However, with the automatic, the 2.4 is a bit sluggish at highway speeds, requiring absolute flooring of the accelerator to achieve passing power. That said, the Sportronic mode is a welcome addition, giving manual control over gear selection in the automatic. Manual-equipped GSs get EPA estimates of 19/26 mpg, while GTs with the manual achieve 16/25, a slight drop over the coupe, due to 200 extra pounds of curb weight. Mitsubishi recommends premium fuel for the 3.8.
Both engines are quite noisy at high RPM, but only the 2.4 ends up sounding ragged when taxed, and this intrudes into the Spyder's cabin.
Ride & Handling
The Eclipse’s short wheelbase and firm suspension make for a confident ride on smooth pavement and a shaky ride in nearly all other conditions. While grip is substantial and body lean minimal, the Eclipse’s composure over rough surfaces leaves a lot to be desired, especially with the 18-inch wheels, although the added weight of the Spyder top helps it provide a better ride than the coupe, with better composure overall. That said, drivers have noticed slight chatter when the Spyder encounters rough road. Interestingly, the GS has been noted by reviewers as being better balanced than the GT.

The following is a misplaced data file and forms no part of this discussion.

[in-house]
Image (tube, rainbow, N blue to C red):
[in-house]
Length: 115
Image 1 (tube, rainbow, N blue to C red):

Something very surprising is the Eclipse’s rather large turning radius, unexpected for such a small and sporty vehicle. Brakes are strong and pedal feel is firm, though. Watch for torque-steer under hard acceleration with the GT, although this is a smaller problem for the Spyder than the coupe.
Cabin & Comfort
Sadly, neither 2006’s complete redesign or this year’s slight refresh has addressed one of the biggest complaints regarding the Mitsubishi Eclipse, which is an interior peppered with cheap, hard plastics. Taller drivers may find an issue with headroom, while shorter drivers may find pedals and even some controls a long reach.
Seats, however, are both comfortable and supportive, if a bit low, and low doors make entry and exit a bit of a chore. Predictably, rear seats are symbolic at best, suitable only for children or inanimate objects. This problem is more noticeable in the Spyder, where shoulder room is further compromised, than in the coupe. Additionally, road noise intrudes on the cabin, especially from the tires, and this is especially noticeable with the Spyder, although wing windows do a good job of controlling otherwise annoying wind buffeting.